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Feds Take All Of County’s 35,000 Mask Order Targeted For Health Care Workers

Somerset County Freeholder Director Shanel Robinson said that a shipment of 35,000 N-95 respirator and surgical masks destined for the county was “commandeered” by the federal government. She also said that RVCC is the top choice for a Somerset-Hunterdon county test site. (File photo.)

Somerset County’s entire 35,000-mask order of N-95 and surgical masks targeted for various health care workers has been “commandeered” by the federal government, the Somerset County Freeholder Director said on April 3.

Freeholder Director Shanel Robinson also said that a joint Somerset-Hunterdon county drive-through testing site could be operational soon and that Raritan Valley Community College in Branchburg is “at the top of the list” of locations.

Robinson said that the county had contracted to purchase 35,000 N-95 respirator masks – used by health care professionals to protect them from being contaminated by the virus if treating victims – and regular surgical face masks.

The masks were to be distributed to Robert Wood Johnson University Hospital – Somerset in Somerville and various municipalities’ first responders, as well as staff at the Somerset County Jail in Somerville, Robinson said.

As of early in the afternoon of April 3, Robinson said that the county was told the surgical face masks would be delivered that day, but that the federal government had taken the N-95 masks.

Later in the day, Robinson said, she was told that the government had taken the entire 35,000-mask order.

“The vendor called the county OEM purchaser,” she said.

Robinson said the vendor did not say which federal agency confiscated the order.

Robinson said some of the surgical masks were to be held in reserve to be used at the eventual joint Somerset-Hunterdon test site.

Robinson said Gov. Phil Murphy’s administration “has gotten involved” and is trying to find out why the masks were taken.

“This doesn’t even make sense,” Robinson said. “Part of the thing is, I know the government is monitoring large orders of equipment, but they had no idea where that was going.”

“It was advantageous for us to buy in bulk and distribute it,” she said. “We’re all going to the same source to get it. We figured we’ll just share the wealth.”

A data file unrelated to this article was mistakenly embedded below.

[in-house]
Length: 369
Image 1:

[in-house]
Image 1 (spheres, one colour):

“It’s very frustrating,” she said. “Disappointing and unacceptable.”

Robinson said that the county had been warned that the government may take the order.

“They’re on a watch for anybody ordering en masse,” she said.

“It’s not like we put in orders every week,” Robinson said. “We’ve been waiting on that order for two-and-a-half, three weeks.”

“You don’t just take them,” she said. “You have a conversation.”

She said that the region’s Congressional delegation, as well as state Legislative representatives, are pressing to get the order returned.

Robinson said the County had not yet been invoiced for the masks. She said the cost, which was not readily available, would have been paid from the County’s “rainy day fund.”

“There is a rainy day fund, however I’m sure no one thought we were going to have a monsoon,” she said. “In the end, we have to do what we have to do.”

Robinson said Raritan Valley Community College is “at the top of the list” of sites to locate a drive-through testing operation run by Somerset and Hunterdon counties.

“It’s centrally located,” she said.

She said that Colonial Park was also on the list.

Robinson said one of the requirements was for a large, open site. “You don’t want to impede traffic,” she said.

Both Somerset and Hunterdon counties have masks on hand, Robinson said. The remaining stumbling block to opening the site is with buying test kits.

Robinson said she was not certain as to how many test kits the county is looking to buy.

“As many as we can get our hands on,” she said. “Everybody’s looking for these kits.”

She said the decision to partner with Hunterdon, as opposed to setting up a Somerset County only site, was made due to the relative number of patients in both counties.

“If you look at the numbers in our counties in comparison to throughout the state, we’re not hot spots,” she said. “As much as there’s a demand for a testing site in our community, in comparison to the rest of the state, our numbers aren’t there. Then you want to make sure that you have all the inventory and equipment that you need.”

Robinson said her “hope” was to have the testing site operational “within the week.”

“I don’t know how realistic that is,” she said. “Everything is not set in stone.”


This is a developing story. Check back for updates.

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